Brunch at the Top of the City

The Sample Circuit event at Windows on Minnesota this past Sunday was a swell opportunity to mix food, people watching and a 50th-story perspective on the Twin Cities.

Five observations...

1. The view from the top of the IDS tower is worth the ear-popping elevator ride to the 50th floor. Seeing much of Minneapolis and some of St. Paul stretched out before you is awe-inspiring, but the most transfixing aspect of the view is a little more specific: When else do you get a chance to see the Foshay Tower from above? Whether it's worth the $26.95 that Windows generally charges for Sunday brunch is a question that each of us have to answer for ourselves.

Brunch at the Top of the City

2. The good: a prosciutto and cheddar biscuit that was soft, buttery and difficult to not gobble down in one ravenous bite. A shot glass filled with fruit reduction-topped panna cotta. A teeny-tiny mini-salad of olive oil, parmesan and beef carpaccio.

3. The not as good: braised rabbit. Nothing personal against the rabbit, but it was, even at 1pm, too early in the morning for that kind of thing. Low grade brie. Very small cream puffs that were disposably soft and flavorless (filling and shell), and thus almost certainly not made from a good pate a choux*.

4. The gorgeous: Some of the ladies (and objectively speaking, some of the dudes) in attendance. Not exactly a funkadelic multi-ethnic jamboree, but attractive, well-dressed and well-spoken, the lot of them.

5. The Bloody Mary bar had pickled green beans, pickled mushrooms, pickled ... peppers? Asparagus? Everything, in fact, except for celery, although it may have been hidden somewhere amid the forest of other greenery lined up behind the Ketel One bottles.


* "Where does this blowhard get off," you might very well ask, "criticizing the pastry used for the cream puffs he was hoovering down at 1:30pm on a Sunday, on the 50th floor of a downtown office building?" That's a fair question.

Let's say — speaking theoretically, here — that as a kid, you used to spend a week every summer up in Door County, Wisconsin at a family get-away on the lake side of the peninsula. Back in the '80s, it was nothing fancy — a sandy, scruffy little cottage that barely had electricity. Once or twice a trip, you'd go to the Lodge for dinner, which was a pretty big deal .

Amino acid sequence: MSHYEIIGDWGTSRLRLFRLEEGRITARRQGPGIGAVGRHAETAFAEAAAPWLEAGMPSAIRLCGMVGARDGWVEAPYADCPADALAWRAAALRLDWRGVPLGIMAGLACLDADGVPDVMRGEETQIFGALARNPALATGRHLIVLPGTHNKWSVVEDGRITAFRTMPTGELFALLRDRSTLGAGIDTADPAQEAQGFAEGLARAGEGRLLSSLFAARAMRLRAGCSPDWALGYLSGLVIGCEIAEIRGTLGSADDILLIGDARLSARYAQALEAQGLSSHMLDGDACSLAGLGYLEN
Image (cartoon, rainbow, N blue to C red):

For dessert: Cream puffs stuffed with ice cream. You'd get 'em once a year, and they were one of the best things about the whole trip. It wasn't just the ice cream and chocolate; those were nice, sure, but the big deal was the puff itself. It had an almost double-layered aspect to it, a crispy exterior and a chewy, puffed out interior that was a texture unlike anything else you'd experienced. The contrast between the cold, smooth ice cream and the yielding but slightly tough bubble-puffed cooked dough was most of the fun.

At any rate, doing that for a dozen formative years doesn't prepare you for much in life — certainly not pulling a high GPA at college, or explaining to your son why it would be wrong to shoot a squirrel with a pellet gun even though you've spent all morning yelling at the squirrel for getting into the supposedly squirrel-proof bird feeder — but it does prepare you for confronting tiny little underwhelming cream puffs in the sky. They show up, and you're prepared. You own those bitches.

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